Elderberries (Sambucus nigra) were new to me. I'd made the acquaintance of elderflowers in the form of some divine mixed drinks, but I had no idea what to expect of the berry. It turns out they're like mini blueberries, with potent medicinal uses and off-the-charts antioxidants. A delicious superfood that grows locally? When I got a tip that the last elderberries of the season could be found in a foraging-friendly spot, I rounded up my posse.
My source seemed reliable, but still I was worried. What if we'd driven all that way to find shriveled up berries, or bushes stripped clean? I didn't want to disappoint my Homesteading Circle.
In search of Blue Elderberries (Sambucus nigra ssp cerulea) we followed a creekside trail, coming across cones full of pine nuts and bright red rose hips (expect future postings on these gems). We only found a few elderberry bushes long past their prime. I was starting to feel a little sad, in spite of the sunny day and the bag full of other gleanings.
Suddenly, we hit the motherlode. We came across a huge bush, twice my height, heavy with plump ripe berries. There were so many that we filled four bags full and still left plenty for the birds.
The Ethics of Foraging, or How Not to be a Jerk
Before I go any farther, I want to mention a few points – basic courtesies really – to help ensure that you're not harming plants, local ecosystems, or yourself.
- Know where to go. Foraging is illegal in most protected natural areas, and harvesting elderberries in East Bay Regional Parks will get you a $500 ticket. Don't do it.
- Respect endangered plants. Many popular medicinals have fragile populations that need conservation, not harvesting.
- Harvest lightly. Know how to gather from a plant in a way that doesn't damage its ability to reproduce for the next year. An example would be leaving the base of certain mushrooms in the soil to regenerate for next year.
- Be mindful of the surroundings. Instead of trampling surrounding plants or creating erosion in a mad rush to collect, leave the ecosystem intact.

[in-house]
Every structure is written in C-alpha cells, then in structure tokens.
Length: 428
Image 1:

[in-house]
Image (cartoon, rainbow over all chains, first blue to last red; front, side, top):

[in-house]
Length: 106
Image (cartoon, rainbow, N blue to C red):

- Save some for others. It's bad form to strip an area clean. Other animals and humans may rely on this plant as well. Good foraging stewards leave some bounty behind.
- Don't poison yourself! Never harvest a plant unless you are 100% sure of its identification, proper processing and uses. Berries especially can be tricky.
For instance, the leaves, stems and unripe berries of the elderberry plant are poisonous - all except the ripe berries and flowers. It sounds dire, I know, but it just means you need to be meticulous in removing all those little stems before you get to the good part. The processing did take forever, even with advice I'd been given to freeze the elderberries which supposedly makes it easier for them to be separated from their stem. I don't think I froze them long enough, and hours later I was still picking off tiny bits of leaf and stem.
Syrup, liqueur, jelly
Simple Elderberry Liqueur
1 pint fresh elderberries
1 quart vodka
Several curlicues of lemon rind
1/3 c. sugar
Place the elderberries into a quart jar, add lemon rind and sugar, and fill to the top with vodka. The berries don't need to be crushed. Shake the jar to distribute the sugar, then leave it in a darkened space for at least a month. The longer you leave it, the darker it gets. Shake it whenever you think about it; once a week is great. The result is perfect for both winter flu season and cocktail parties – how often can you say that?